However, this emphasis on reason was unable to take root in public consciousness. The people favored experiential religion over rational religion. This trend can be observed in the example of Methodism with rational religion exemplified in Daniel Whedon and experiential religion exemplified by Phoebe Palmer. Whedon defended the mind’s intuitive abilities and argued for a reliance on the moral sense and the reasoning of the mind. He denied a hereditary guilt passed on from Adam. Nor did grace play a major role in his understanding of human ability. In his theological emphases, he was in step with the new moral philosophy and saw reason as the proper vehicle to knowing God . On the other hand, Palmer’s theology was not first argued from reason, but was shaped by her own experience of being freed from sin by the grace of God. The Bible played a central role in her understanding of her experience. Noll concludes: “The latter insistence [on Scripture] was particularly important, since it pointed Palmer and like-minded believers away from the self-conscious reliance on formal philosophy.”  It was this experiential religion which took root in the common Methodist congregants, and which would influence the Methodist church long after the new moral philosophy had died out.  It would appear that reason, in its efforts to reject the elitism of the old world churches found itself as the elitism of the new world, unable to find its way into the commonplace faith of ordinary people in the same way experiential religion was. A nation whose faith story had been shaped by the Great Awakening simply was not ready to turn aside from experience to pure rationalism.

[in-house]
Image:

In conclusion, while appeals to reason in the early American church attempted to overthrow older church authority structures, it was unable to take root in public consciousness, indicating the intellectuals of the new nation and the common people had different expectations of faith. While the common sense theists and Unitarians wanted faith to “make sense” in accord with the thought-processes of the day, the average congregant wanted a faith they could claim for their own and experience in their day to day life. A religion of reason was unable to fulfill these desires for experience in the same way as the Holiness movement.
 Mark A. Noll, America’s God, p. 94.
 William Ellery Channing, Unitarian Christianity, p. 2
 Ibid. p. 4
 Samuel Miller, Letters concerning the Constitution and Order of the Christian Ministry as Deduced from Scripture and Primitive Usage. Quoted by Mark A. Noll, America’s God, p. 240
 Mark A. Noll, America’s God, pp. 357-358.
 Ibid. p. 360.
 Ibid. p. 362.